I developed an awkward relationship with this book. I started by being curious to read it, then stumble upon some reviews and decided that actually I don't have the patience for such approaches. Then, two weeks after, I started it again and finished it within a couple of hours.
The good news: I was definitely in love with the writing. Unpredictable, with interesting twists and some ironic-dadaistic irresistible interventions - 'Delhi has no bird-watchers, only machine-listeners'; 'One session was called off because a stray dog wandered into the court and bit a policeman'. As a reader, you are introduced to a completely different reality, with its own norms and codes and meanings, where irony and drama are just names given sometimes to the same reality.
The complicated news: The topic as such is highly complicated with a high risk of ending up in stereotyping, especially if you have already some own thoughts about terrorism - meaning completely rejecting it, on all possible grounds. This was the main reason why I decided to give up the book at first. The idea of understanding how someone turns into a terrorist is appealing and particularly in the light of the last decade of terror in the middle of our Western world is appealing. However, terror was part of the history of our modern world long before there were Facebook symbols to add to your profile (nothing wrong with this, anyway). What I am afraid of when I have in my hands a book about the motivations is to deal with the common tiers-mondiste approach according to which someone turns into a terrorist because of oppression. (The book mentions en passant Carlos the Jackal and 'Palestine' as part of the discussion between terrorists). The people who end up placing bombs in public places in The Association of Small Bombs are not radical Muslims but operate in an environment where Muslims are victims of discrimination and the partition continues to be a cruel reality of the everyday corrupted political environment. In two places is quoted Gandhi according to which Jews faced with the Shoah would have decide to suicide en masse - a completely wrong approach as, sorry Mr. Gandhi but the Jews survived, although coping for more than a generation of trauma, but they, they survived.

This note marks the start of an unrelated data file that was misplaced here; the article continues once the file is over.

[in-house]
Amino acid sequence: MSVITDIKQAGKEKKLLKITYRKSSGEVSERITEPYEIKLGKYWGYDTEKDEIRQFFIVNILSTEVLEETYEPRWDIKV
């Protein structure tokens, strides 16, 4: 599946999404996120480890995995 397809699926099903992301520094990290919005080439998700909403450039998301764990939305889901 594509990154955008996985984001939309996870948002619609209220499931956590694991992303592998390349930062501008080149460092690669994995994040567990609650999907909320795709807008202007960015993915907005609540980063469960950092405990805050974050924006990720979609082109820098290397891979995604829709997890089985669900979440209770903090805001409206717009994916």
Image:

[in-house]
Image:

In a world completely upside down criminals are heroes and everyone is a potential terrorist, but this is not the world we, normal people want, but they, the terrorists and there is no justification for it.
The book creates an interesting investigation into the ways - more or less subtle - in which a terrorist attack can destroy and challenge lives.
The Association of Small Bombs was worth reading and offers a long list of topics to discuss and approaches to challenge. We are living in a world that needs new concepts and perceptions for a different understanding of old realities and such a book can be a good incentive for the ongoing much needed conversation.
Rating: 3.5 stars